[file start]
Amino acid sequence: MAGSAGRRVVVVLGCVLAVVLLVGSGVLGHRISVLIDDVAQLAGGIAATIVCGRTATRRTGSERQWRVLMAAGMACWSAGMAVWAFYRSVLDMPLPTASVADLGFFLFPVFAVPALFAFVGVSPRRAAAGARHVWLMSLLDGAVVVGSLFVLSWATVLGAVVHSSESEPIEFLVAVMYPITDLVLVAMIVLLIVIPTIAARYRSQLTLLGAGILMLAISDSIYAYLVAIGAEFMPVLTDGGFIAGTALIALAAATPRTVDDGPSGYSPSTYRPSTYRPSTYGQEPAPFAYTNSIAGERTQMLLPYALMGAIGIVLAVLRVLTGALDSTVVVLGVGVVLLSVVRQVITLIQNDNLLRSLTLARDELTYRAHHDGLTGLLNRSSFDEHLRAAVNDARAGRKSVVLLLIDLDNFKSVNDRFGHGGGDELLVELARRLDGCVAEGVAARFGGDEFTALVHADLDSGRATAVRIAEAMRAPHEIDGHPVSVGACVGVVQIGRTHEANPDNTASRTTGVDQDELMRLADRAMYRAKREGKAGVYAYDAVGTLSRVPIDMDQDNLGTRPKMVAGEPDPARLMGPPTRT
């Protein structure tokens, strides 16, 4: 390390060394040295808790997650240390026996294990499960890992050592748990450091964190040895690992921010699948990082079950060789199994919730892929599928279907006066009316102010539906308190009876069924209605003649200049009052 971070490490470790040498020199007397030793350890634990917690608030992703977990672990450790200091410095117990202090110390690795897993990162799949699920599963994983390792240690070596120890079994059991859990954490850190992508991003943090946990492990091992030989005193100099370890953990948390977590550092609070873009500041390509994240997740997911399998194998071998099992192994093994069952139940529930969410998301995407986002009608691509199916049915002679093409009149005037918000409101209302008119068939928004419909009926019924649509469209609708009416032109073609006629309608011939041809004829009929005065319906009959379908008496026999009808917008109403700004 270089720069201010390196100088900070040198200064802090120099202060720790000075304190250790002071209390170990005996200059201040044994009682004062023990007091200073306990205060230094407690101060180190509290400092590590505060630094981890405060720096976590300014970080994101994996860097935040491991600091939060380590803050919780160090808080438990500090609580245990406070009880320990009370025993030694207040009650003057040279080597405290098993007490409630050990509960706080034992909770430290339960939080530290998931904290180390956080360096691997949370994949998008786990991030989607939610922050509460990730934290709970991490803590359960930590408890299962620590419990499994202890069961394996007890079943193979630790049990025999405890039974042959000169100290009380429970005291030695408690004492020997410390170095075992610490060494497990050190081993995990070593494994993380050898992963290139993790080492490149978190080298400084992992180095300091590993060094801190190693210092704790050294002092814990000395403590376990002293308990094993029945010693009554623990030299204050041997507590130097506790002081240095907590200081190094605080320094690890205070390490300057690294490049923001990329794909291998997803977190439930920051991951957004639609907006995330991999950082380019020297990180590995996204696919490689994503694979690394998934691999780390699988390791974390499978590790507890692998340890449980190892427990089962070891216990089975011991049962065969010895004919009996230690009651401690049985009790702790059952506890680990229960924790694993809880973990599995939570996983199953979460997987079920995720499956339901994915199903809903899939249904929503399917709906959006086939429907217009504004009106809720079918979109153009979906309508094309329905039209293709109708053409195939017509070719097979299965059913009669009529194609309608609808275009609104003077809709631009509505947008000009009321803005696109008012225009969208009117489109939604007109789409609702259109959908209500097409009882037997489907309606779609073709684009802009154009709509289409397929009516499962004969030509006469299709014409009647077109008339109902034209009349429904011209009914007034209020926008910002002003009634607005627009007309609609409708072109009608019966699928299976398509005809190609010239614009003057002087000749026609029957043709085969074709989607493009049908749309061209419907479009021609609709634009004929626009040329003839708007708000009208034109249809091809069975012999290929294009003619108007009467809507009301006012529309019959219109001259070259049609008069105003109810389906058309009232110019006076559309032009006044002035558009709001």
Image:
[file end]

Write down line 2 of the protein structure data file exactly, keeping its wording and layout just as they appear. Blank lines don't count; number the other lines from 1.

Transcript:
């Protein structure tokens, strides 16, 4: 390390060394040295808790997650240390026996294990499960890992050592748990450091964190040895690992921010699948990082079950060789199994919730892929599928279907006066009316102010539906308190009876069924209605003649200049009052 971070490490470790040498020199007397030793350890634990917690608030992703977990672990450790200091410095117990202090110390690795897993990162799949699920599963994983390792240690070596120890079994059991859990954490850190992508991003943090946990492990091992030989005193100099370890953990948390977590550092609070873009500041390509994240997740997911399998194998071998099992192994093994069952139940529930969410998301995407986002009608691509199916049915002679093409009149005037918000409101209302008119068939928004419909009926019924649509469209609708009416032109073609006629309608011939041809004829009929005065319906009959379908008496026999009808917008109403700004 270089720069201010390196100088900070040198200064802090120099202060720790000075304190250790002071209390170990005996200059201040044994009682004062023990007091200073306990205060230094407690101060180190509290400092590590505060630094981890405060720096976590300014970080994101994996860097935040491991600091939060380590803050919780160090808080438990500090609580245990406070009880320990009370025993030694207040009650003057040279080597405290098993007490409630050990509960706080034992909770430290339960939080530290998931904290180390956080360096691997949370994949998008786990991030989607939610922050509460990730934290709970991490803590359960930590408890299962620590419990499994202890069961394996007890079943193979630790049990025999405890039974042959000169100290009380429970005291030695408690004492020997410390170095075992610490060494497990050190081993995990070593494994993380050898992963290139993790080492490149978190080298400084992992180095300091590993060094801190190693210092704790050294002092814990000395403590376990002293308990094993029945010693009554623990030299204050041997507590130097506790002081240095907590200081190094605080320094690890205070390490300057690294490049923001990329794909291998997803977190439930920051991951957004639609907006995330991999950082380019020297990180590995996204696919490689994503694979690394998934691999780390699988390791974390499978590790507890692998340890449980190892427990089962070891216990089975011991049962065969010895004919009996230690009651401690049985009790702790059952506890680990229960924790694993809880973990599995939570996983199953979460997987079920995720499956339901994915199903809903899939249904929503399917709906959006086939429907217009504004009106809720079918979109153009979906309508094309329905039209293709109708053409195939017509070719097979299965059913009669009529194609309608609808275009609104003077809709631009509505947008000009009321803005696109008012225009969208009117489109939604007109789409609702259109959908209500097409009882037997489907309606779609073709684009802009154009709509289409397929009516499962004969030509006469299709014409009647077109008339109902034209009349429904011209009914007034209020926008910002002003009634607005627009007309609609409708072109009608019966699928299976398509005809190609010239614009003057002087000749026609029957043709085969074709989607493009049908749309061209419907479009021609609709634009004929626009040329003839708007708000009208034109249809091809069975012999290929294009003619108007009467809507009301006012529309019959219109001259070259049609008069105003109810389906058309009232110019006076559309032009006044002035558009709001």